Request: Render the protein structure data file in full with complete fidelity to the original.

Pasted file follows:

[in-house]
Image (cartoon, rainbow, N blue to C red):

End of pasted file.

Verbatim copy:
[in-house]
Image (cartoon, rainbow, N blue to C red):